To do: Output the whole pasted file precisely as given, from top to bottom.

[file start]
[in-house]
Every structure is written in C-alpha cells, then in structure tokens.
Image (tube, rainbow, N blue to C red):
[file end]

[in-house]
Every structure is written in C-alpha cells, then in structure tokens.
Image (tube, rainbow, N blue to C red):